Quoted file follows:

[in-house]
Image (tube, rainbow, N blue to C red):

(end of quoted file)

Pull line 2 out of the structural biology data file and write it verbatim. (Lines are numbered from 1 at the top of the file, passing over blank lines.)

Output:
Image (tube, rainbow, N blue to C red):